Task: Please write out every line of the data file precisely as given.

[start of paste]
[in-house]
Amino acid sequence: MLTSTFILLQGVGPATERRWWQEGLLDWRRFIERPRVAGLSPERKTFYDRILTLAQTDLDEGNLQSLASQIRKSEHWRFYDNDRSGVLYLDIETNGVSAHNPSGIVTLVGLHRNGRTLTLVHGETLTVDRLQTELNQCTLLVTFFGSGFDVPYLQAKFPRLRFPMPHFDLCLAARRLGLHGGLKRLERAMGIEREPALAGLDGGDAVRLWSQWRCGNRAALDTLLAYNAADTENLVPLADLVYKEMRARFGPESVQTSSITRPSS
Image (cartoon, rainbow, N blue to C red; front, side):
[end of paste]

[in-house]
Amino acid sequence: MLTSTFILLQGVGPATERRWWQEGLLDWRRFIERPRVAGLSPERKTFYDRILTLAQTDLDEGNLQSLASQIRKSEHWRFYDNDRSGVLYLDIETNGVSAHNPSGIVTLVGLHRNGRTLTLVHGETLTVDRLQTELNQCTLLVTFFGSGFDVPYLQAKFPRLRFPMPHFDLCLAARRLGLHGGLKRLERAMGIEREPALAGLDGGDAVRLWSQWRCGNRAALDTLLAYNAADTENLVPLADLVYKEMRARFGPESVQTSSITRPSS
Image (cartoon, rainbow, N blue to C red; front, side):